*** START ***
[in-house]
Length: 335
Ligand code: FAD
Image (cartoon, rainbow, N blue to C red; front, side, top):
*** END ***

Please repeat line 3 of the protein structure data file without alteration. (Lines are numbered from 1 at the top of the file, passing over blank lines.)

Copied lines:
Ligand code: FAD